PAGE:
The Arts as an Economic Driver
Did you know that the arts inspire, provoke, involve, connect us AND also create jobs and contribute to the economy as a powerful economic driver?
The economy sustains our physical life—it is the mechanism through which we take care of needs like food and clothing, shelter and transportation. It provides structure for the trading of goods and services. The arts sustain our spiritual and emotional life—they are the mechanism through which we interpret the world, providing insight, joy, sorrow, empathy and wonder. We don’t often consider how the two overlap. But the arts are a business that not only employs people but also generates significant dollars for communities.
In 2015, The Center and 23 other local non-profit arts and culture organizations in the Wood River Valley took part in a national economic impact study conducted by The Americans for the Arts. The Wood River Valley was one of 341 communities across the United States selected to participate. The goal of the study was to take an accurate measurement the arts’ contribution to each of these community’s economies. To participate, 24 arts organizations in the Wood River Valley completed an in-depth survey on their budgets, programs, staff and audiences. Additionally, these organizations surveyed 635 attendees at a variety of arts and cultural events about their experiences and expenditures related to the particular event.
The survey’s findings revealed that these 24 local arts organizations generated $29.3 million annually for the valley’s economy. A detailed and regionally specific formula considered the cost of related activities including meals, transportation, lodging, babysitting and parking. Every person attending a local arts event spends an average of $68 per event, in addition to the cost of tickets. Think about the last concert or lecture you attended and the expenses associated with that night out. Once you remember the waiter you tipped, the picnic you packed or the bus you took, you begin to understand the breadth of the arts’ economic impact. And then there are the direct costs—the expense of the performer and the ticket taker, the rental facility and the treat you purchased before taking your seat. Friends and family who come from out of town for the Arts & Crafts Festival or summer concerts pay lodging and transportation costs that add to the impact. All of these numbers factored into this $29.3 million total—a number that by anyone’s accounting is much more than superfluous!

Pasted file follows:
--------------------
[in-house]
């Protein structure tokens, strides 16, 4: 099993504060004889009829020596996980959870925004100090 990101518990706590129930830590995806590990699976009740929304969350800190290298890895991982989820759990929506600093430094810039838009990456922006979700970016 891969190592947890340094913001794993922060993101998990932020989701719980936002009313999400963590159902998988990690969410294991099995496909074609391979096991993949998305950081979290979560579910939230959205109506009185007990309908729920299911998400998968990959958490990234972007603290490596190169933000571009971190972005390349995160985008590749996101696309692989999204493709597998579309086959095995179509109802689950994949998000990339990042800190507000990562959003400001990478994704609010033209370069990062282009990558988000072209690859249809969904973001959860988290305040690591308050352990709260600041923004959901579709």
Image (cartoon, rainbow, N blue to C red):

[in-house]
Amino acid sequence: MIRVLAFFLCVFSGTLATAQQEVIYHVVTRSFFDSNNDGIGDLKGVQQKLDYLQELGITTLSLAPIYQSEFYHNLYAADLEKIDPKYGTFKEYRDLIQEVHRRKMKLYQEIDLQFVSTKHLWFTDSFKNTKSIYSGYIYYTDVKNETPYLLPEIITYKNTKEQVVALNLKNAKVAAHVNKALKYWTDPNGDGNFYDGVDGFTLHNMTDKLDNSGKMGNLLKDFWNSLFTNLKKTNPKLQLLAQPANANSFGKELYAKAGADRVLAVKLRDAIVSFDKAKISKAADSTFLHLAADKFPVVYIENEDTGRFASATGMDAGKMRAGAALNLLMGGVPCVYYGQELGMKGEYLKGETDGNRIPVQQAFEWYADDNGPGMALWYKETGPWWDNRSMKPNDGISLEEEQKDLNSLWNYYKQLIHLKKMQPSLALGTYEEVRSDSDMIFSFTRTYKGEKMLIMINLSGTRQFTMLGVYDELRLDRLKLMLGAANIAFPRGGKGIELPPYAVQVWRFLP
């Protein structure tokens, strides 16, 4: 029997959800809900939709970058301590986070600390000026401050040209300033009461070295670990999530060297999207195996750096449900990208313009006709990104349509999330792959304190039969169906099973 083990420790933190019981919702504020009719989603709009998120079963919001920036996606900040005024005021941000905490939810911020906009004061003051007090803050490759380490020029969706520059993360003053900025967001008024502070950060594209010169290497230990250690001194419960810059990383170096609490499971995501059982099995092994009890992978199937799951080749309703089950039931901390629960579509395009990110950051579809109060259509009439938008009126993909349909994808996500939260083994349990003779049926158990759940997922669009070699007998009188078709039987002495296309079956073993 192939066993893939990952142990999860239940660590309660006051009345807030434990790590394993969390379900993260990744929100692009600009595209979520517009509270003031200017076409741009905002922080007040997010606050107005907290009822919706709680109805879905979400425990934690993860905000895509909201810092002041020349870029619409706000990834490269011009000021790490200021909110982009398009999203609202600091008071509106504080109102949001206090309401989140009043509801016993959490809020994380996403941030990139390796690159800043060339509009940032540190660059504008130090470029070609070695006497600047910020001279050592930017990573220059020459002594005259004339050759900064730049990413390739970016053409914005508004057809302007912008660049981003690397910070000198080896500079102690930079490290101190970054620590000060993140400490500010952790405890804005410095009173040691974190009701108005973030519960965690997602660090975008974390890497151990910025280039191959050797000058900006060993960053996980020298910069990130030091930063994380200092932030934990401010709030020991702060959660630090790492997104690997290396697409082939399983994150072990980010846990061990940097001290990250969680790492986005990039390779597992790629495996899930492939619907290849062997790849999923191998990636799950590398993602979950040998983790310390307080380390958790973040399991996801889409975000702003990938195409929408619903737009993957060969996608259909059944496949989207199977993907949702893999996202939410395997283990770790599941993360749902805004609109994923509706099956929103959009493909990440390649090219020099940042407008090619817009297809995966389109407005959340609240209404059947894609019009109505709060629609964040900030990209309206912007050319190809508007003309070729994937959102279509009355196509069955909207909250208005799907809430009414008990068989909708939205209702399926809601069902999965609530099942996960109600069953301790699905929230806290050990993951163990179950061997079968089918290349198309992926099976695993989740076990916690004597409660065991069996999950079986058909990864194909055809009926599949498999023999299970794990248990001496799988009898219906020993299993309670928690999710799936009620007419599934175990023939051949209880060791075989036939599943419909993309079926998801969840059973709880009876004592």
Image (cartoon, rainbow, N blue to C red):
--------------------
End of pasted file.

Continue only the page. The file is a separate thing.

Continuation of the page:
In fact the results of the survey went further, determining that the arts in the Wood River Valley support about 891 jobs across the community and generate $2.1 million for local governments.
DRIVING TOURISM & BUILDING COMMUNITY
Many of us have chosen to live here—consciously opting in to a mountain lifestyle. We came to this community because of the beauty and recreational activities. But so many choose to stay and put down roots because of the rich year-round arts and culture that allows us to exercise our minds and spirits as well as our bodies. While we don’t want to dissuade you of the notion that the arts’ primary purpose is to elevate and inspire, we also want to celebrate our substantial role as businesses that contribute to this tourism-based community. At The Center, we proudly peddle awe and the intangibles of goose bumps and heart-stopping, hand-clapping joy, but we are also a vital part of why people come here and why they choose to return.
PROPELLING US FORWARD
As we consider our direct economic impact, it’s important to recognize another way that arts programs have significant, long term benefit with real economic value: the arts nurture creativity. Center programs provide numerous opportunities for local students in their classrooms and in our museum to exercise curiosity, to hone critical thinking skills and explore self-expression through hands-on activities. For nearly 50 years, The Sun Valley Center for the Arts has been nurturing skills that shape our community’s children into thoughtful responsive citizens, providing them with tools that are vital our nation’s economy. Creativity is among the top 5 applied skills sought by business leaders, per the Conference Board’s Ready to Innovate report—with 72 percent saying creativity is of high importance when hiring. So while we hope to continue serving up opportunities that satisfy the spirit and soul, we are also honored to be able to contribute to the valley’s economy and to our collective future.